Comments on: Venture Capital’s Biggest Fear http://www.red-sweater.com/blog/1745/venture-capitals-biggest-fear Mac & Technology Writings by Daniel Jalkut Wed, 08 Oct 2014 03:07:32 +0000 hourly 1 http://wordpress.org/?v=4.0 By: Steve Madsen http://www.red-sweater.com/blog/1745/venture-capitals-biggest-fear/comment-page-1#comment-157147 Wed, 02 Mar 2011 16:20:14 +0000 http://www.red-sweater.com/blog/?p=1745#comment-157147 Great article, Daniel, although I disagree that the goal of the VC-funded company is the same as a bootstrapped one. VCs aren’t interested in modestly profitable businesses. They need big hits to cover their 90% failure rate. And profit isn’t even a requirement if the company can IPO or be acquired for a large sum.

@R: I’ll argue that an entity focused entirely on providing free services is not a business at all, but a charity. If the definition of success is an IPO or buy-out, that’s speculation and gambling. You’re relying on the greater fool theory, not on your own decision making and ability to execute.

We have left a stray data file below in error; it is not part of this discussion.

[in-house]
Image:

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By: Kevin Hoctor http://www.red-sweater.com/blog/1745/venture-capitals-biggest-fear/comment-page-1#comment-157129 Wed, 02 Mar 2011 05:14:10 +0000 http://www.red-sweater.com/blog/?p=1745#comment-157129 Well stated Daniel. As usual, you do a great job of breaking down and explaining a concept.

Having done both bootstrapped and investor startups, I much prefer the former. Unless you have a severe need for an initial cash infusion, you really don’t want to lose control of your business.

There’s no such thing as a silent investor. They are expecting a large return on their investment and will insist on a say in your operations and products. You will be functioning in a fishbowl with less room for mistakes.

Also, don’t forget about the risk of having too much money. You won’t operate as efficiently if you don’t feel the stress of limited cash flow. There’s a lot to love about bootstrapping.